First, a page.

Latkes (Potato Pancakes)


I have scoured e-newspapers, websites and Jewish cook books to see if anyone has dared stray from the latke recipes handed down for, who knows, how many hundreds of years. The answer seems to be No.

The word ‘latke,’ for potato pancake, is Yiddish and it is thought that it originated from Russia or Germany. Before Jewish emigration to the US in the early 1900s, it is said that the latke’s main ingredient was cheese and not potato, a relatively recent introduction to Europe. Rice was also said to have been used instead of cheese.

And so we come to this recipe. Being unable to follow the crowd, never having eaten a latke whose recipe I was curious to know and not being content that the plain flouring of grated potato is the best festive treatment for this vegetable, this is my version of the much-loved Hanukkah treat.


Tradition mandates that one eats lots of fried food during Hanukkah’s eight days to commemmorate the Miracle of the Oil. If you’re lucky, doughnuts might be on the menu later this week 😉

  • potatoes, 3 large
  • onions, 3 medium
  • green chili, one, chopped finely
  • ginger, 1 tsp
  • garlic, 1 tsp
  • cummin seeds, 1 1/2 tsp, toasted
  • coriander leaves, 1 handful, chopped finely
  • eggs, 2, beaten
  • plain flour, 2-3 tbsp
  • salt, about 2 tsp
  • pepper, a few grinds of

  1. Peel the potatoes, grate them and soak in very cold water
  2. Change the water a few times, drain and keep aside to dry out
  3. Peel the onions and chop or mince in a food processor
  4. Fry the onions, garlic, ginger, chili and cummin in a pan. Keep aside
  5. Combine flour, potato, onion mixture, eggs, salt, pepper and flour
  6. Preheat a large pan of canola oil (filling about 1/3 of the pan)
  7. Drop the potato mixture by tablespoonfuls into the oil, over medium heat
  8. Cook the cakes about 3 minutes a side, or till golden brown
  9. Remove with slotted spoon and place on kitchen paper to soak up excess oil
  10. Serve immediately with sour cream or apple sauce. Or Thai chilli sauce if you like going against the grain!

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December 22, 2008. Tags: , . Hanukkah, Jewish, Sides, Vegetables, Vegetarian.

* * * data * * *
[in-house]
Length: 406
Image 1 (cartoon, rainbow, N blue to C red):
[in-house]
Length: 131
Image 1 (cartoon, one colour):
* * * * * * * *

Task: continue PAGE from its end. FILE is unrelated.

4 Comments

  1. Jen replied:

    How do you pronounce Latkes? I learnt from our Jewish guide that Hebrew pronounciation is not easy to perfect! She taught us some words but you have to pronounce it like you are coughing out phlegm (Singaporean way (old man style)). No offense. Was told that 2 syllabus can be combined to form a word. I can imagine how hard it is to just get one right, not to mention two together. Oh, you did mention that this is an Yiddish word, so maybe it’s not that difficult after all (is it?). This pancake looks similar to our local snacks called the veggie fritters (if prawn is added, yes, it becomes prawn fritter and price goes up accordingly) from the pasar malam stalls. They are very tempting but very bad for the waistline and below. haha. I trust that the virtual versions do no harm to readers like me.Happy Hanukkah to you and your family 🙂Love, Jen

  2. deb replied:

    these were absolutely delicious and I’ve had many a latke in my day. You know they’re fantastic when your 8-year-old gobbles them up, too. thank you for a wonderful dinner!!!

  3. Hanukkah Donuts with Apple Cider and Jam « Diva Indoors: Food, with love replied:

    […] been enjoyable incorporating a bit of the local flavors into these traditional treats. Like making cilantro and chilli latkes in Singapore, sweet potato and maple latkes in Toronto, and in London, where anything goes, really […]

  4. Ginger and Cilantro Latkes (and Troubleshooting the Batter) « Diva Indoors: Food, with love replied:

    […] and Cilantro Latkes (and Troubleshooting the Batter) The chilli latkes vanished speedily the last time I made them, even in the mouths of babes aged 2 and 4. These ginger […]

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